It doesn't matter how many boos tumble down from the 500 Level.
Never mind if the Rogers Centre JumboTron staff decides to show Blue Jays pitchers throwing at Alex Rodriguez after each half inning on the scoreboard.
Rodriguez might be -- as one former teammate told us during spring training -- the most disingenuous teammate he has ever had, he may have yelled "Ha!" or "Mine!" or cued the UCLA marching band when Howie Clark camped under a popup at third ... whatever, it really doesn't matter.
The New York Yankees third baseman is going to be the American League's most valuable player at season's end.
Going into Fenway Park last night -- where he also will be booed -- Rodriguez has 52 homers, 22 of which have tied a game or put the Yanks ahead. He has an outside chance at the franchise and AL home run record, 61, held by one Roger Maris since 1961.
The mark was passed a few times in the NL, but some of those totals are under review.
Heading into Boston, A-Rod had a .664 slugging percentage. The Yankees' record for a right-handed hitter is .673, by Joe DiMaggio in 1937. No AL player has slugged .670 for a full season since Manny Ramirez in 2000.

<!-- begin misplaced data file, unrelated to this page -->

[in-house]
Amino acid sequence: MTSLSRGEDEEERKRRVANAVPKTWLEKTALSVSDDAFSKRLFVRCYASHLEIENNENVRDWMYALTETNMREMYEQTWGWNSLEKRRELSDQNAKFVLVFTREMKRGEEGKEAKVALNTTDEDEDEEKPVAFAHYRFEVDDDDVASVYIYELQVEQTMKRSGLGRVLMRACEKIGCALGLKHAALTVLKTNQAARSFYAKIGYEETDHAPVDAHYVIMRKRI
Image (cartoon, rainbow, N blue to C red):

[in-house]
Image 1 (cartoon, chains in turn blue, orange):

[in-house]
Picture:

A Yankee has not done it since Mickey Mantle in '61.
Rodriguez's 140 RBIs are two shy of his career high and the most by a Yankee since DiMaggio's 155 in 1948.
Worse than a slump
Defending AL MVP Justin Morneau has had better years.
The first baseman from New Westminister, B.C., was on pace to hit 46 home runs when he hit two -- No. 27 and No. 28 -- at the Rogers Centre on July 23. Now, 48 games deeper into the season, Morneau finally hit No. 30 last night. That ended a drought of 70 at-bats that dated back to Aug. 24.
After seeing three pitches in his two at-bats -- a ground ball to first and a pop to short -- on Wednesday, manager Ron Gardenhire lifted Morneau for pinch-hitter Matthew LeCroy with the Twins trailing 6-1.
Morneau has admitted that thoughts of hitting No. 30 were weighing on him when there wasn't anyone on base. A year ago, his homer production also tailed off. He hit his 30th on Aug. 7 and finished with 34.
Still, despite the lack of homers, he remains the Twins' top RBI man. He had 130 last year and 107 following his two-run blast in last night's series-opener against Detroit.
Welland lefty David Davidson had his parents and 15 friends make the trip to Pittsburgh after being recalled by the Pirates on Sept. 3.
"Even though I didn't pitch, I know what a big deal for everyone to see me in a major-league uniform," Davidson, 23, said. "I'm glad they were able to make it."
When he did make his first appearance, Davidson was touched for four runs by the St. Louis Cardinals.
"It wasn't the easiest lineup in the world to face, but you have to get your feet sometime," he said. "It wasn't fun to give up four runs in an inning but it was a thrill to pitch in a major-league game."